I will choose to find a positive perspective under even the most negative circumstances.
I will choose acceptance over resistance.
I will choose to focus on the things I value about my children, not the things that drive me nuts.
I will choose to extend the same grace, love and forgiveness to myself that I try to lavish on my husband and children each day.
You've heard it before: Children are like sponges, soaking up everything they see and hear. Everything. And just in case I ever forget, Jackson is happy to remind me. Take the food-meets-floor stage around 12 months. I watched him throw a pea to the ground, look me square in the eye and say, "Dammit, Jackson!" Whoops! Guess that one was slipping out pretty frequently, huh? Impressive language skills, but not quite what I was going for.
Or how about this morning when Max was yelling and he went over to him, squatted down to his level and said with a straight face, "Max, I can't take any more whining and complaining." *Facepalm* Not exactly the message I want him to take in, and certainly not what I want him regurgitating on other people. In fact, I don't even remember saying it to him, but since I'm the one he's with every day, we all know the buck stops here.
For all the things I'm conscious of modeling, there are so many more that slip under my radar. Being Ms. Negative means I dwell on the examples of my failures. But today I thought I'd squeeze into the telephone booth, lose the pessimistic lenses and try on some new tights.
Happier than a mom at nap time. More optimistic than Mahatma Ghandi. Able to leap to positive conclusions in a single thought. Look, coming out of the darkness. It's a zen master. It's a swami. Dun-da-da-dunnnn...It's Captain Bright Side!
Okay, okay, so I don't exactly have optimistic superpowers. But I do, now and then, try to see the world through rose colored glasses, and today just happens to be one of those day. Literally every moment I'm with my children, I'm modeling. They see everything from the way I interact with people at the grocery store to how I treat their dad, and even how I treat myself. And they're picking up more good things than bad. I see the way Jackson respects other people and rules set in other places, how he comforts Maxwell when he's upset and asks his dad how his day was, and I know it's because he saw it, not because I taught it.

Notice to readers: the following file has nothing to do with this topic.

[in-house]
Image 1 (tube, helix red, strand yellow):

When I toss a book onto a pile and he very seriously tells me, "Mommy, do you think you should be more respectful with the library's book?" I can be proud that he has soaked up the value of taking extra care with things that aren't ours, not to mention the value of respectful communication. When he walks up to a little boy at school who's upset and hands him a toy saying, "Here, will this make you feel better?" I smile and know that he has learned to take care of other people by watching me do the same.
Sure he throws something when he gets mad sometimes (who knows where he got that one *looks around nonchalantly whistling*), but he also gains composure quickly, talks through the problem and spontaneously apologizes. He may be picking up a few *ahem* less-than-positive things from me, but he's also getting a mountain of valuable tools and traits at the same time. The more I focus on those, the more I will consciously and unconsciously show them.
Motherfriends are the hardest... or are they?
11 months ago